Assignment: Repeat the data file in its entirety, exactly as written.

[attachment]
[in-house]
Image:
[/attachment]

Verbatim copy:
[in-house]
Image: